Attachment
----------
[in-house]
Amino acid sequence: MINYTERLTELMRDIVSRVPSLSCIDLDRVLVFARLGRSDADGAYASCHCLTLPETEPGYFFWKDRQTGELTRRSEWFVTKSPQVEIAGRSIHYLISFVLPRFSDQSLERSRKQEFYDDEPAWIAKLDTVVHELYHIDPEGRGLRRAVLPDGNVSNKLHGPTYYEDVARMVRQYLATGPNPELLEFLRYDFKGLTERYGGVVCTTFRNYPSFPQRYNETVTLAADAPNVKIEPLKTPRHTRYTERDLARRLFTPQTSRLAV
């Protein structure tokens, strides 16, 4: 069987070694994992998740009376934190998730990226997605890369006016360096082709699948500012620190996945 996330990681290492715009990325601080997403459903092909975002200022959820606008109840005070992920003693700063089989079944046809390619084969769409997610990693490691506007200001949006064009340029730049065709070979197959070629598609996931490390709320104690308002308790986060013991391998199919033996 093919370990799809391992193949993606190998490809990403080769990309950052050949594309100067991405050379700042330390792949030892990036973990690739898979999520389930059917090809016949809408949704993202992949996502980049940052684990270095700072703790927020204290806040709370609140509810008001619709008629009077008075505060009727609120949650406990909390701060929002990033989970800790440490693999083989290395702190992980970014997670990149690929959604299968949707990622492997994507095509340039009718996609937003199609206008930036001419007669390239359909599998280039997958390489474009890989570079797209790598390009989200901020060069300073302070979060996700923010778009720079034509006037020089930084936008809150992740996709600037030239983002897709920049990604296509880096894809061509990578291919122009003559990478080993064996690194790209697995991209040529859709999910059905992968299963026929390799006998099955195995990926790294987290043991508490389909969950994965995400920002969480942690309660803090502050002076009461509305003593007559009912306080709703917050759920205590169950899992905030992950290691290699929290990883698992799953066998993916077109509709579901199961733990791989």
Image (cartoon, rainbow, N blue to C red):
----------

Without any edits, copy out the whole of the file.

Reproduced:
[in-house]
Amino acid sequence: MINYTERLTELMRDIVSRVPSLSCIDLDRVLVFARLGRSDADGAYASCHCLTLPETEPGYFFWKDRQTGELTRRSEWFVTKSPQVEIAGRSIHYLISFVLPRFSDQSLERSRKQEFYDDEPAWIAKLDTVVHELYHIDPEGRGLRRAVLPDGNVSNKLHGPTYYEDVARMVRQYLATGPNPELLEFLRYDFKGLTERYGGVVCTTFRNYPSFPQRYNETVTLAADAPNVKIEPLKTPRHTRYTERDLARRLFTPQTSRLAV
């Protein structure tokens, strides 16, 4: 069987070694994992998740009376934190998730990226997605890369006016360096082709699948500012620190996945 996330990681290492715009990325601080997403459903092909975002200022959820606008109840005070992920003693700063089989079944046809390619084969769409997610990693490691506007200001949006064009340029730049065709070979197959070629598609996931490390709320104690308002308790986060013991391998199919033996 093919370990799809391992193949993606190998490809990403080769990309950052050949594309100067991405050379700042330390792949030892990036973990690739898979999520389930059917090809016949809408949704993202992949996502980049940052684990270095700072703790927020204290806040709370609140509810008001619709008629009077008075505060009727609120949650406990909390701060929002990033989970800790440490693999083989290395702190992980970014997670990149690929959604299968949707990622492997994507095509340039009718996609937003199609206008930036001419007669390239359909599998280039997958390489474009890989570079797209790598390009989200901020060069300073302070979060996700923010778009720079034509006037020089930084936008809150992740996709600037030239983002897709920049990604296509880096894809061509990578291919122009003559990478080993064996690194790209697995991209040529859709999910059905992968299963026929390799006998099955195995990926790294987290043991508490389909969950994965995400920002969480942690309660803090502050002076009461509305003593007559009912306080709703917050759920205590169950899992905030992950290691290699929290990883698992799953066998993916077109509709579901199961733990791989």
Image (cartoon, rainbow, N blue to C red):